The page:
(3) The brave, historical Magdalos lost the war – the Revolution. When the Magdalos realized that they had been betrayed by the Americans with the help of some Filipinos, it was too late. Capitulation devours her own children too.
Duh. They who forget the past are bound to repeat it. The modern-day Magdalos had not learned from their historical forebears. The Magdalos of our time continue to think Independence, not Unity; they continue to think Revolution, unfortunately of the insane kind. An anagram of Magdalo is this: Mad goal.
The image displayed above is my Photoshop CS3 mosaic of the Magdalo flag of 1897 worn as armband by the Oakwood mutineers of 2003, more than 100 years after that flag had failed to unite the Filipinos in the struggle against a common enemy. My mosaic is my message that the modern Magdalos are all thinking pieces, not thinking patterns. They continue to think like surgeons: Cut off the diseased parts, and that will solve the problem. They do not search for the cause of the disease to cure it. They are elitist, not holistic in their thinking. They continue to think that some parts are greater than the whole.
True revolutions are not waged with smart swords or smart bombs or smart helicopters; true revolutions are waged with smart words and smart brains and smart hearts. Mahatma Gandhi was a true revolutionary that Lee Kwan Yew could not be; Jose Rizal was a true revolutionary that Andres Bonifacio did not wish to be; John Paul II was a true revolutionary that George W Bush is hard put to be. Peace is the only way to the true Revolution.
Was Henry David Thoreau a true revolutionary? He was. Is Trillanes a true revolutionary in the image of Thoreau? He would be. Trillanes has quoted Thoreau saying, ‘Under a government which imprisons any unjustly, the true place for a just man is also a prison’ (gmanews.tv).
Senator Trillanes, you are inspired to cite Thoreau there, but being in prison is the least of my worries about you. I’m worried that you have not shown any vision of the Philippines that we would all love to have, only a vision of the Philippines without GMA. And if you had that vision of a greater Philippines, pray tell us what sacrifices would we have to make to get to the Promised Land? What would be the guarantee that when GMA is out ASAP, the new leaders will lead us to Paradise ASAP and not to Perdition ASAP?
I’m worried because you insist on a change of the highest government official, but I know that a change of the head is not a true Revolution, only a revolution of the presidential chair. ‘Give me a chair to stand and I will move the Earth.’ Archimedes couldn’t, George W Bush can’t do it.
The Magdalos and Joseph Estrada and even some clergy led by Archbishop Oscar Cruz accuse the GMA administration of being morally bankrupt. Aren’t we all? Logic tells us that if the Filipinos are massively bankrupt in their ethics unlike any other nation, then that is a gargantuan historical failure of none other than the Roman Catholic Church. Don’t blame me, a Roman Catholic, for telling you.
But all that is by way of the critical thinker. I’d rather be a creative thinker. A true Revolution is personal. It begins and ends with a person. And folks, the right-thinking Magdalos have shown us a good example.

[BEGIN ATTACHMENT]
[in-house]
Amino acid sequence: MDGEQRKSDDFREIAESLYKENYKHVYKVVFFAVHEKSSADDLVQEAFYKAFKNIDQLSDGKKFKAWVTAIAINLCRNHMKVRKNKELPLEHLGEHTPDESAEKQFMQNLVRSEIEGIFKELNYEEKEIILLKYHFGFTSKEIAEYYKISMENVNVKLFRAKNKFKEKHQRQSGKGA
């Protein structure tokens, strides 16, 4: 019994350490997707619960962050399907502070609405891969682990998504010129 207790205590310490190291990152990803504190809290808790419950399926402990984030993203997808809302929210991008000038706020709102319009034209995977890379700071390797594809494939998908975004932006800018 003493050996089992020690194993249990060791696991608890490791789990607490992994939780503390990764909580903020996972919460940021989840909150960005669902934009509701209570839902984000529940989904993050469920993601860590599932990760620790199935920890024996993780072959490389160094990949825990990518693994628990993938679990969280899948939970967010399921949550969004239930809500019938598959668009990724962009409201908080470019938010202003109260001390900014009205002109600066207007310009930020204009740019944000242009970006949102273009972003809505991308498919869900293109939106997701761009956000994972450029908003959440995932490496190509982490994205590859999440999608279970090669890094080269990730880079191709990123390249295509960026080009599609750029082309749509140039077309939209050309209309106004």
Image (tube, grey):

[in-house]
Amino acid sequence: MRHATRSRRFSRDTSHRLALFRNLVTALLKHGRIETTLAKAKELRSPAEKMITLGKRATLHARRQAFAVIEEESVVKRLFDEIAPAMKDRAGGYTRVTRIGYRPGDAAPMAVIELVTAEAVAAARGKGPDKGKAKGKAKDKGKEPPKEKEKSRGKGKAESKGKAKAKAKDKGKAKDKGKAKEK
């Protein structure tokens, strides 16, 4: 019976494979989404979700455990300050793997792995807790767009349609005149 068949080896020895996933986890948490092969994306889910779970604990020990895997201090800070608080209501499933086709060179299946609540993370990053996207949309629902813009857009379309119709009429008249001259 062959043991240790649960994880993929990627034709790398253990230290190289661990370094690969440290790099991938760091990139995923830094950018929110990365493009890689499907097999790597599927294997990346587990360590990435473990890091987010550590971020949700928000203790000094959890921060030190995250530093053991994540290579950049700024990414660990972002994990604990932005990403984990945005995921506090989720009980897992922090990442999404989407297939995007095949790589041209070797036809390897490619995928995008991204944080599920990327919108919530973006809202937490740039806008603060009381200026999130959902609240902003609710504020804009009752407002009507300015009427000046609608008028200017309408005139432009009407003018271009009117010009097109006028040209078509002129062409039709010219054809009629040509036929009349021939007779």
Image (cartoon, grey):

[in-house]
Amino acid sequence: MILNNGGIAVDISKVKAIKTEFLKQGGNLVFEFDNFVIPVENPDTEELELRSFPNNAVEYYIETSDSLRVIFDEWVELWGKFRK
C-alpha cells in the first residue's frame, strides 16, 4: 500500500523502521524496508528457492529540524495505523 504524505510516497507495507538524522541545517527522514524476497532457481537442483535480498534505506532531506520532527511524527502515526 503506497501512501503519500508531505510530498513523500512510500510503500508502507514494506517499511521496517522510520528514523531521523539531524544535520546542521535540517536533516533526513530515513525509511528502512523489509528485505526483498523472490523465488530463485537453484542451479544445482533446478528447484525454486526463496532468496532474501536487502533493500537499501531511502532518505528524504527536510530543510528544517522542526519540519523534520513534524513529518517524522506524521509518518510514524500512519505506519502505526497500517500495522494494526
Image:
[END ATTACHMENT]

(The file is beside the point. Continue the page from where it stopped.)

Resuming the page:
Lt Col Bartolome Bacarro, spokesman for the Armed Forces of the Philippines (AFP) said about the nine Magdalos changing their plea of ‘Not Guilty’ to ‘Guilty’ – ‘But what is noteworthy is their courage to admit that they have committed something wrong and are ready to face the consequences of their action’ (Punongbayan, cited). Army Chief Lt Gen Alexander Yano said, ‘We admire the courage of these men. What made them decide to plead guilty was definitely a product of their own volition.’
November 29, 2007: Walking out of his court hearing on the Oakwood Mutiny, Senator Trillanes declared a revolt at the Manila Peninsula Hotel (see my ‘Manila Rain-Walk. The day Senator Trillanes called a 5-Star Revolt, Peter Parcel drank coffee & the bride danced,’ November 30, frankahilario.com). Among other people, the revolt invited soldiers in an armored personnel carrier that crashed into the lobby and soldiers spraying tear gas and automatic fire. The revolt lasted 6 hours.
March 07, 2008: In prison, Trillanes decided not to attend the hearing of the coup d’etat case against the Magdalos and to forgo his testimony in the defense of his group, ‘after much reflection,’ he wrote, claiming in a letter that it is because the trial has become a ‘travesty of justice’ (Michael Punongbayan, newsflash.org). That is also volition, and you can’t take that away from Trillanes. Trillanes insists on his own kind of Revolution.
And so do I. The Philippines needs a Revolution, and that Revolution starts with you. With me. It is a product of our own volition.
We can learn from Army Chief Yano who said after the nine Magdalos changed their minds and instead pleaded guilty:
It is more of putting an end or closure to their case so that they can move on with their lives and be with their families again and see their kids grow up and hope that with the available legal remedies they can still experience how to be a civilian or soldier again in the near future.
‘So that we can move on with our lives’ – is that too much to ask of Your Revolution, Senator Trillanes?
Revolution in prison? No! Revolution in person? Yes! I should say, the Revolution starts with the leader, the one who says we need a Revolution. A change in the head would be a good beginning.change, coup d'etat, mutiny, peace, revolution